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STEEL: Export Option Grows As Mining Industry Loses Its Shine


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Local structural steel companies with substantial exposure to mining projects in South Africa will have to enter, or further expand their export markets or face the possibility of having to substantially shrink their operations. This is the opinion of Neels van Niekerk, South African International Steel Fabricators (ISF) director.

“Taking note of the Fraser Institute’s globally accredited ‘Survey of Mining Companies’, it is clear that for local fabricators to find foreign contracts is becoming increasingly important as the local mining industry continues to lose its once famous shine,” says van Niekerk

The survey measures the overall attractiveness for exploration and mining companies to operate in 72 mining countries/regions/jurisdictions of the world.

In the last survey - 2009/2010 - South Africa was pushed from 49th to 61st position in the summary Policy Potential Index. “This only just beats the bottom ten regions, which include Venezuela, Ecuador, the Philippines, DRC, Mongolia, Bolivia, Honduras and Guatemala,” says van Niekerk.

He adds that there are several other African countries that do better than South Africa including Botswana (21), Mali (27), Ghana (34), Burkina Faso (36), Namibia (37), Tanzania (44) and Zambia (52), while all the important destinations in Southern and Central America - Chile (7) Mexico (28), Peru (39), Brazil (40), Columbia (48) and Argentina (59) - are above South Africa.

The top ten scores are Quebec, New Brunswick, Finland, Alberta, Nevada, Saskatchewan, Chile, Newfoundland /Labrador, Manitoba and South Australia. Seven of Australia’s regions lie in the top 30 scores. Scandinavia, with Finland (3), Sweden (12) and Norway (31), will remain important for many years to come.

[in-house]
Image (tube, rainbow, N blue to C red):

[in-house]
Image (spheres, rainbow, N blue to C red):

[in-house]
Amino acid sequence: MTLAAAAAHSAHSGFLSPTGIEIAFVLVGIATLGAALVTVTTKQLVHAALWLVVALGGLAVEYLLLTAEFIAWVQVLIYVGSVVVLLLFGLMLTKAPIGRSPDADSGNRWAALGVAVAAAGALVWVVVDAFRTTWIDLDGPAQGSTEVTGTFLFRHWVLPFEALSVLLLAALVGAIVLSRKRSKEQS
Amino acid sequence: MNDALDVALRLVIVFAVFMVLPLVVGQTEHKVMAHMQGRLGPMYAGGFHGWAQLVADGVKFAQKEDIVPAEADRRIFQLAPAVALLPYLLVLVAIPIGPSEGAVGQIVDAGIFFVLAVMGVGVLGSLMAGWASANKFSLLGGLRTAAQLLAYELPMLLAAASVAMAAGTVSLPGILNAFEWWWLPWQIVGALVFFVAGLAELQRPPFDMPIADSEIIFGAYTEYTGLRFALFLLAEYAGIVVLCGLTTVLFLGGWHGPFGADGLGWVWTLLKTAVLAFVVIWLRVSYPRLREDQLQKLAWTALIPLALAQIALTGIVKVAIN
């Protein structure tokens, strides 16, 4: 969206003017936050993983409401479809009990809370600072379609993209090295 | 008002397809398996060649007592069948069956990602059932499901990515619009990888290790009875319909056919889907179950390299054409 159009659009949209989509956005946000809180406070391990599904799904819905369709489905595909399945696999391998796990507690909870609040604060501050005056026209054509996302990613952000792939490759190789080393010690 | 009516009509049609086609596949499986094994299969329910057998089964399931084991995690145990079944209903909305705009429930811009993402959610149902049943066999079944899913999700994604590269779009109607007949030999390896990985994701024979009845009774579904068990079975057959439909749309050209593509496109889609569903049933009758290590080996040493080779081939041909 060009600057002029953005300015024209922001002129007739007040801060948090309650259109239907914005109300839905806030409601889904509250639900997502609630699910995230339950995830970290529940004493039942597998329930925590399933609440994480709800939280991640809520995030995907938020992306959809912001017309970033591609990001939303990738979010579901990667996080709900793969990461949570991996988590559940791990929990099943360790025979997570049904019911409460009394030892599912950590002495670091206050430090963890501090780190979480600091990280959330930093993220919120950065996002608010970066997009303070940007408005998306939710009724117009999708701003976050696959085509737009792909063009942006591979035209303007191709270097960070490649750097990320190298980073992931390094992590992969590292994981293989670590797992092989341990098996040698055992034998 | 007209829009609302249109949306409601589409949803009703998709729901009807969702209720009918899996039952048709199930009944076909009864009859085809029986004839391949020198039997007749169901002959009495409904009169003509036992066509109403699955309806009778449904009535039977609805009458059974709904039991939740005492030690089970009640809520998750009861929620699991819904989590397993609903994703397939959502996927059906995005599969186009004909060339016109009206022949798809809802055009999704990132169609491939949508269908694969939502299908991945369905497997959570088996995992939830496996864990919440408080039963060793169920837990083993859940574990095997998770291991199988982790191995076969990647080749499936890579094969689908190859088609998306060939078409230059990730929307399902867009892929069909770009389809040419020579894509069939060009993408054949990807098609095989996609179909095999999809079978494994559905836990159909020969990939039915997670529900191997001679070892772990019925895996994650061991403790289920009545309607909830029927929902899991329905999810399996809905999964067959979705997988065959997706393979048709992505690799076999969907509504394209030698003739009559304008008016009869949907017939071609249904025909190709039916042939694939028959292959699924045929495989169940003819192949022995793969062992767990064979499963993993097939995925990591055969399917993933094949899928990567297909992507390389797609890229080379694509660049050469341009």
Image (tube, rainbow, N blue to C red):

Van Niekerk says that in circumstances like these exports have become mission critical for South African firms but warns that the export market takes time to develop and, of course, a certain investment. “To become a successful exporter is not an overnight thing. It is a process requiring focus and discipline founded on the understanding of several fundamentals in a changing global mining and structural steel scenario.”

He says that the South African fabricators that have the best chance of success in the global environment are those that run ‘lean and mean’ and utilise the latest world-best practices to genuinely meet customer needs including:

• An erection offering. Increasingly clients want to deal with a single supply source for their structural steel needs and that includes erection. This significantly helps projects to be completed on time. “Time in the structural steel process is critical to the cost of the entire project because it’s on the critical path of many other major parts of any mining project,” says van Niekerk.
• High accuracy of structural components. This is only achievable through automated equipment like, for example, the latest generation of beam lines. The cost of rectification through a lack of accuracy and the time lost on site as a result, is a critical expense risk.
• State of the art shop floor and site control systems. These should include in-line hard stamping of structural members and even micro-chip marked components to ensure tracking and location on site.